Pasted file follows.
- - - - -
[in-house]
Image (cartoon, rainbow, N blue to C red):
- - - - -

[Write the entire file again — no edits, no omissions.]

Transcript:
[in-house]
Image (cartoon, rainbow, N blue to C red):